This paper addresses what is known and not known about the operation of the mints in the Mamluk Sultanate of Egypt and Syria, 1250-1517, and brings new evidence to bear. The paper does this in two parts. The first surveys the state of our knowledge. Unlike the case for the Ayyubid period, there are no surviving mint manuals from the Mamluk era. The existing studies to date (Ehrenkreutz, Brown, Cahen, etc.) have relied upon that previous Ayyubid material (assuming, correctly, a continuity of practice) and the occasional short discussion of minting scattered throughout Mamluk writers, especially al-Qalqashandi and al-Maqrizi. This paper complements this knowledge by drawing attention to additional passages in the sources as well. After surveying this previous scholarship, the second half of this paper uses surviving numismatic evidence to see what can be learned about the manufacture of coin blanks (flans) and the striking of coins. This numismatic material has been curiously underutilized for the study of Mamluk mint practice. Concentrating primarily on the silver dirhams of Cairo, this study makes use of the increased availability for study of Mamluk coins of a wide range of quality and appearance, in part due to the recent surge in sylloge publication which present all the coins of an institution for study, not just the best ones. This increased availability of specimens has brought to light coins that would likely not have been accessed to collections (or published) for aesthetic reasons in an earlier age. A survey of these rougher coins reveals at least three distinct methods of the production of silver coins in the Mamluk sultanate. Curiously, the dates of coins studied indicate that the methods of production often overlapped that is to say that different methods of minting were at use at the same time. The paper concludes by placing this phenomenon in the wider contexts of medieval mint practice in neighbouring parts of the Mediterranean world.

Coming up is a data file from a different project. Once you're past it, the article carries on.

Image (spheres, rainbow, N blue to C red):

Paper presenter: Joseph Drory (Professor, Bar Ilan University), “Qarasunqur - Vicissitudes of a Mamluk Amir”